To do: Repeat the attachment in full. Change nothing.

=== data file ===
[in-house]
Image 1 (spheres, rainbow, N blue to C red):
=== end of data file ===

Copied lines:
[in-house]
Image 1 (spheres, rainbow, N blue to C red):